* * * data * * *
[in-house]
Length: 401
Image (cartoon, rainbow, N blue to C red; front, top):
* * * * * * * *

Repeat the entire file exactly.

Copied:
[in-house]
Length: 401
Image (cartoon, rainbow, N blue to C red; front, top):